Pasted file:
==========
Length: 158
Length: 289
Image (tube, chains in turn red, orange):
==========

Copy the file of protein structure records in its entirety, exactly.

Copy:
Length: 158
Length: 289
Image (tube, chains in turn red, orange):